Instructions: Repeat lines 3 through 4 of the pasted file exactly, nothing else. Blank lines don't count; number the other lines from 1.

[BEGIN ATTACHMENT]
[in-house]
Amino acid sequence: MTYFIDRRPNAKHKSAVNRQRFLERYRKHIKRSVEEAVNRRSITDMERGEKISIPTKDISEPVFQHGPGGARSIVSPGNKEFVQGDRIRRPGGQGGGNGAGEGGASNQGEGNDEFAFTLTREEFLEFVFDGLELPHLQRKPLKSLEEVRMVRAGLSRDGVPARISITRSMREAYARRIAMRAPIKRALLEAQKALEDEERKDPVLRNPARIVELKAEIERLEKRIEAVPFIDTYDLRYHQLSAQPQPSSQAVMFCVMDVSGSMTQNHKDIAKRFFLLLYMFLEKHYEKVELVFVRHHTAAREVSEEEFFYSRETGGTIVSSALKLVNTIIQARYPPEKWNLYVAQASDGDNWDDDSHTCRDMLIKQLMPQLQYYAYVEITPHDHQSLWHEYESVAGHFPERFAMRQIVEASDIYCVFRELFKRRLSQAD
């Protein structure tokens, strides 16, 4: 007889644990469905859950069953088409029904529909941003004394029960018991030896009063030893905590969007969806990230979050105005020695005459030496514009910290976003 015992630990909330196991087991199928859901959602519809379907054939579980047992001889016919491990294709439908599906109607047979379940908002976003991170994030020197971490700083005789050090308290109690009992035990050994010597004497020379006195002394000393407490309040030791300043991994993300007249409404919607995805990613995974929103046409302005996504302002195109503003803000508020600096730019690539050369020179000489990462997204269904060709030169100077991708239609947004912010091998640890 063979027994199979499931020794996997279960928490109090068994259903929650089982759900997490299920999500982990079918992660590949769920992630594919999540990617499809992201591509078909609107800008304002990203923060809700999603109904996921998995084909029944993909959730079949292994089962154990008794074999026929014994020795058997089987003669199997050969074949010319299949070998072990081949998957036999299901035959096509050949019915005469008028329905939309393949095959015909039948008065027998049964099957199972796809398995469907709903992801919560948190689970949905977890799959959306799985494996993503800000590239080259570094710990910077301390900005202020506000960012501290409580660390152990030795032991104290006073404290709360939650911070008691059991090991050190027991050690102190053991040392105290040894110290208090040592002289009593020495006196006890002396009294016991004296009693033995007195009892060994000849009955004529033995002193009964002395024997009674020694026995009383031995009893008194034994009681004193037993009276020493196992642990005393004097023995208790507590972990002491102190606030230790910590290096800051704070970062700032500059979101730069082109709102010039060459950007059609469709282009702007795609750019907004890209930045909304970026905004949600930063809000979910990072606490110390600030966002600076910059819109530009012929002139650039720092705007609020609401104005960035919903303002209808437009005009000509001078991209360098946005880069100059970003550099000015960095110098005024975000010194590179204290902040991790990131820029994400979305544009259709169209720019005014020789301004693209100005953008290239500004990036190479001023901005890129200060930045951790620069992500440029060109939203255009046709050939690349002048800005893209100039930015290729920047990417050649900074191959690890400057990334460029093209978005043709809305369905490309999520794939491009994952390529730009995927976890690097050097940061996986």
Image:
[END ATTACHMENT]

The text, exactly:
């Protein structure tokens, strides 16, 4: 007889644990469905859950069953088409029904529909941003004394029960018991030896009063030893905590969007969806990230979050105005020695005459030496514009910290976003 015992630990909330196991087991199928859901959602519809379907054939579980047992001889016919491990294709439908599906109607047979379940908002976003991170994030020197971490700083005789050090308290109690009992035990050994010597004497020379006195002394000393407490309040030791300043991994993300007249409404919607995805990613995974929103046409302005996504302002195109503003803000508020600096730019690539050369020179000489990462997204269904060709030169100077991708239609947004912010091998640890 063979027994199979499931020794996997279960928490109090068994259903929650089982759900997490299920999500982990079918992660590949769920992630594919999540990617499809992201591509078909609107800008304002990203923060809700999603109904996921998995084909029944993909959730079949292994089962154990008794074999026929014994020795058997089987003669199997050969074949010319299949070998072990081949998957036999299901035959096509050949019915005469008028329905939309393949095959015909039948008065027998049964099957199972796809398995469907709903992801919560948190689970949905977890799959959306799985494996993503800000590239080259570094710990910077301390900005202020506000960012501290409580660390152990030795032991104290006073404290709360939650911070008691059991090991050190027991050690102190053991040392105290040894110290208090040592002289009593020495006196006890002396009294016991004296009693033995007195009892060994000849009955004529033995002193009964002395024997009674020694026995009383031995009893008194034994009681004193037993009276020493196992642990005393004097023995208790507590972990002491102190606030230790910590290096800051704070970062700032500059979101730069082109709102010039060459950007059609469709282009702007795609750019907004890209930045909304970026905004949600930063809000979910990072606490110390600030966002600076910059819109530009012929002139650039720092705007609020609401104005960035919903303002209808437009005009000509001078991209360098946005880069100059970003550099000015960095110098005024975000010194590179204290902040991790990131820029994400979305544009259709169209720019005014020789301004693209100005953008290239500004990036190479001023901005890129200060930045951790620069992500440029060109939203255009046709050939690349002048800005893209100039930015290729920047990417050649900074191959690890400057990334460029093209978005043709809305369905490309999520794939491009994952390529730009995927976890690097050097940061996986």
Image: